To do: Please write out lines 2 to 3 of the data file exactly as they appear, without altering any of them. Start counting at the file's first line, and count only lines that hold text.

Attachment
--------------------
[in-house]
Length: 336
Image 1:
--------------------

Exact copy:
Length: 336
Image 1: